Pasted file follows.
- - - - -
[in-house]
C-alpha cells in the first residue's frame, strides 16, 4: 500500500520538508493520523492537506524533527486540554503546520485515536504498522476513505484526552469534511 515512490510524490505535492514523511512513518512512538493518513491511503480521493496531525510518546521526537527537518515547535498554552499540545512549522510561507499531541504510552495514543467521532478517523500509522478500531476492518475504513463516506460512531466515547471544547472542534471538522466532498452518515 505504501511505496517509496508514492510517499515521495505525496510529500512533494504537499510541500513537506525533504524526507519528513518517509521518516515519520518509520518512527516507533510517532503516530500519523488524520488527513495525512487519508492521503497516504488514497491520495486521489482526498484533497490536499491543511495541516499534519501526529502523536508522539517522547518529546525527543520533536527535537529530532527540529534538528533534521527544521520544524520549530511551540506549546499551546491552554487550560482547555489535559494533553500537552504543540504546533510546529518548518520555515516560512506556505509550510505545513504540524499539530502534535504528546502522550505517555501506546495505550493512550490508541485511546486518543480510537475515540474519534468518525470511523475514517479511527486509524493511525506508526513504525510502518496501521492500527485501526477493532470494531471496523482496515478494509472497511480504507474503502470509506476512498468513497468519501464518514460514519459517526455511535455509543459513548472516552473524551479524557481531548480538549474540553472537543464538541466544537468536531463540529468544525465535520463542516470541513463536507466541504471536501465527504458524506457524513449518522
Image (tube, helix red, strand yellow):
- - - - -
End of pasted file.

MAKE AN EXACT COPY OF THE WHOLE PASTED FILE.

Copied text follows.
[in-house]
C-alpha cells in the first residue's frame, strides 16, 4: 500500500520538508493520523492537506524533527486540554503546520485515536504498522476513505484526552469534511 515512490510524490505535492514523511512513518512512538493518513491511503480521493496531525510518546521526537527537518515547535498554552499540545512549522510561507499531541504510552495514543467521532478517523500509522478500531476492518475504513463516506460512531466515547471544547472542534471538522466532498452518515 505504501511505496517509496508514492510517499515521495505525496510529500512533494504537499510541500513537506525533504524526507519528513518517509521518516515519520518509520518512527516507533510517532503516530500519523488524520488527513495525512487519508492521503497516504488514497491520495486521489482526498484533497490536499491543511495541516499534519501526529502523536508522539517522547518529546525527543520533536527535537529530532527540529534538528533534521527544521520544524520549530511551540506549546499551546491552554487550560482547555489535559494533553500537552504543540504546533510546529518548518520555515516560512506556505509550510505545513504540524499539530502534535504528546502522550505517555501506546495505550493512550490508541485511546486518543480510537475515540474519534468518525470511523475514517479511527486509524493511525506508526513504525510502518496501521492500527485501526477493532470494531471496523482496515478494509472497511480504507474503502470509506476512498468513497468519501464518514460514519459517526455511535455509543459513548472516552473524551479524557481531548480538549474540553472537543464538541466544537468536531463540529468544525465535520463542516470541513463536507466541504471536501465527504458524506457524513449518522
Image (tube, helix red, strand yellow):